How to Determine the Correct Height of Walking Canes

Three Parts:Estimating Your Cane LengthBeing More PreciseConsidering Your Options

A walking cane can be either a temporary or permanent solution. You may need a cane for a short period of time following an injury or accident, or it may be your constant companion if you suffer from a chronic debilitating disease. Either way, determining the correct height of your walking cane is crucial because it leads to appropriate balance and stability, which allows you greater confidence (and safety) in your mobility and enhanced quality of life. However, determining the height is not always an exact science due to personal preferences, so use the following information as a guideline only.

Part 1
Estimating Your Cane Length

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    Estimate using your height. If you don't have a tape measure and you're ordering a cane online, you can estimate the size you might need by using your height as a general guide. A person between 76 to 79 inches tall should order a 38-inch cane, whereas those between 72 to 75 inches tall may find that a 37-inch cane suits them better.[1] The length of the cane you order should drop one inch for every three inches that you are under the suggested height ranges. For example, a person standing 64 to 67 inches tall should buy a 35-inch cane.
    • Many canes are height adjustable, but some are not (particularly those carved from wood).
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    Order a 36-inch cane if you're of average height. Because many people (particularly men) fall within the height range of 68-71 inches, most canes are manufactured or adjusted to 36 inches in length.[2] As a default, some cane manufacturers send 36-inch canes to online customers automatically unless they specify a different length.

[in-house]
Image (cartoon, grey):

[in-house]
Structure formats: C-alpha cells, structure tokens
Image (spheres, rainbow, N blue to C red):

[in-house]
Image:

• Walking with a cane that's either too long or short can lead to more aches and pains, especially in your elbow, shoulder and neck.
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    Borrow a cane from someone of similar size. If a friend or family member temporarily needed a cane to help recover from an accident or injury, and if they are the same height as you, then ask them if you can borrow or buy it. If they were properly measured for the cane and tend to wear similar shoes to you, then their cane may be a great fit for you.
    • When trying to correlate your height to the length of a cane, remember to factor in the height of your shoes because you likely won't be using the cane without them.

Part 2
Being More Precise

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    Use a measuring tape. The most precise way to determine the correct cane length for you is by measuring the distance between your hand and the ground while you wear shoes. With your arm hanging straight down at your side, the top of your cane should line up with the crease in your wrist.[3] In other words, the number of inches between your wrist and the floor is the length that your cane should be.
    • With the cane in hand, your elbow should bend at a comfortable angle — about 15 degrees or so.[4] Bending your elbow a little more is okay if you're primarily using the cane for balance instead of weight support.
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    Measure differently if you're hunched over. You should consider measuring yourself differently if you have a condition that does not allow you to stand up straight.[5] In this case, you'll likely need a shorter cane than that normally dictated by your height. Thus, measure the distance between the floor and wherever your wrist is as you walk with shoes on. Get a friend to help if need be.
    • If your cane is too short, you might lean to one side — which can throw you off balance.